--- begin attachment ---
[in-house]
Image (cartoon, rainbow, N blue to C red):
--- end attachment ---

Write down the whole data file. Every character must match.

[in-house]
Image (cartoon, rainbow, N blue to C red):